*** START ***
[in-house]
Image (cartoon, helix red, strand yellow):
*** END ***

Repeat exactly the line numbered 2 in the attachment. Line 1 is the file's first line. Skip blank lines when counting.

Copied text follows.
Image (cartoon, helix red, strand yellow):